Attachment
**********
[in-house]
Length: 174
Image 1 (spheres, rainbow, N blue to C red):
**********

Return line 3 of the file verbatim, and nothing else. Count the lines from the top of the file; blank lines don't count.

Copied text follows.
Image 1 (spheres, rainbow, N blue to C red):